Economic and technological developments have been great for offshore tax havens: Overnight mail has largely replaced wire transfers, prosperity has given Americans more money to shelter, and the Internet has given Caribbean banks and tax-shelter companies an easy marketing tool.

But credit card companies have suddenly found themselves caught up in these trends. As federal officials try to crack down on the companies that encourage U.S. citizens to shield assets from income tax, they say the easiest paper trail to follow is credit card transactions.

Last week the Justice Department filed a petition in U.S. District Court in Miami seeking to identify the “John Does,” as the filing put it, who used MasterCard or American Express cards — credit, charge, or debit — to conduct transactions with financial institutions in Antigua and Barbuda, the Bahamas, or the Cayman Islands in 1998 and 1999. The Justice Department is acting on behalf of the Internal Revenue Service.

A court ruling is expected imminently, and MasterCard International, American Express Co., and Visa, if it gets pulled into the investigation, will have to weigh their desire to cooperate with the government against their obligation to protect the privacy of their cardholders. At the moment, it is unclear whether the companies’ network records can yield the data the IRS is seeking.

As difficult a predicament as this is for the card companies — MasterCard, for one, is already battling the Justice Department in an antitrust case that is expected to conclude soon — it does speak to the success of credit card proponents in displacing cash, checks, and other forms of payment.

The memorandum filed by the Justice Department states: “It is clear that as a practical matter, American Express and MasterCard are the only sources from which the requested information can be obtained. Even if the taxpayers at issue have filed tax returns with the Internal Revenue Service, their names are unknown, and, in fact, actual inspection of a particular taxpayer’s return is not likely to reveal understatements or misstatements of income resulting from transactions concealed through the offshore transfer of funds or the failure to report foreign accounts.

“Moreover, the information sought cannot be obtained from the offshore banks, as Antigua and Barbuda, the Bahamas, and the Cayman Islands do not currently have information-exchange treaties with the United States that would allow the Internal Revenue Service to seek the requested information in connection with a tax investigation.”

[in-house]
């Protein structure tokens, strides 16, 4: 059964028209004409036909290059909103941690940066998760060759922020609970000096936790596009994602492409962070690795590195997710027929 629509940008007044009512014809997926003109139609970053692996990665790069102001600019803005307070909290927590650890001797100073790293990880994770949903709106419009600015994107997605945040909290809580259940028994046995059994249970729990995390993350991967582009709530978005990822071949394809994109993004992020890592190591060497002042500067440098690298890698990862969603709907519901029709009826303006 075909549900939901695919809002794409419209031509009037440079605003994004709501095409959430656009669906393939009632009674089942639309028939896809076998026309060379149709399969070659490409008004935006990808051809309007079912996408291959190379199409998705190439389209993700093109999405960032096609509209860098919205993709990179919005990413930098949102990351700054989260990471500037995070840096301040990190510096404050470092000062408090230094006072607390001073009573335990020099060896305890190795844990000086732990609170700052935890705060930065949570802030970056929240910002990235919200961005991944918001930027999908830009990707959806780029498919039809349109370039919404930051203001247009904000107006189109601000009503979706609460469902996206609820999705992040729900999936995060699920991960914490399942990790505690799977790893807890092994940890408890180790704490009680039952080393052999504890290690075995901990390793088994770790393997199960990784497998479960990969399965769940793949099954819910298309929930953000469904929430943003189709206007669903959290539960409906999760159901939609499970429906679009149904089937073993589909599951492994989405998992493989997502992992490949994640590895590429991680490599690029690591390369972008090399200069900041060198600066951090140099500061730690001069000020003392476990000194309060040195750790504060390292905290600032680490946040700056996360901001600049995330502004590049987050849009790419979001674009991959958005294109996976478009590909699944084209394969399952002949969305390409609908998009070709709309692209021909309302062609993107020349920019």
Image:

Jack A. Blum, a Washington attorney representing the IRS, said the tax-evasion problem has existed for years, but recently “there has been an explosion on the Internet of people offering these accounts.” It is not illegal to open an account with an offshore bank, Mr. Blum said, but U.S. citizens are required to report the existence of such accounts to the IRS, and many do not.

An American Express spokeswoman said the company would not comment “until we see and receive documents” about the matter. A company spokesman said AmEx does not issue cards through any banks in the countries named by the Justice Department.

MasterCard released a statement Friday saying it routinely cooperates with government investigations, but had received “scant details about what information the Internal Revenue Service is seeking.” MasterCard said it is “mindful of our cardholders’ privacy concerns, and maintain[s] minimal, if any, personally identifiable information regarding MasterCard transactions.”

James L. Accomando, a credit card consultant who is president of Accomando Consulting Inc. of Fairfield, Conn., said the data the IRS wants are not housed at MasterCard. Information about a MasterCard holder resides with the bank issuer, and transaction records reside at merchant-processing companies, he said.

“All MasterCard knows is sales,” Mr. Accomando said. “They look at things at a very top level.” American Express, on the other hand, has a closed-loop system for merchant processing and card issuing and thus would be more apt to house the information.

The card companies will probably argue that “they don’t own the information in the transaction, and therefore aren’t able to release it,” said Alanna Kellogg, president of the Kellogg Group, an electronic payment consulting company in St. Louis.

David Bartone, a Washington lawyer with clients in the credit card business, said the court has to do a “balancing act” to decide between “the right of the individual to be free of government intrusion, versus the government’s right to enforce its statutes and laws.”

According to court documents, the amount of income tax being lost is at least $70 billion a year. Papers filed by a lead counsel in the petition estimate that more than $5 trillion resides in offshore accounts, and there are more than 580 banks licensed in the Cayman Islands alone.

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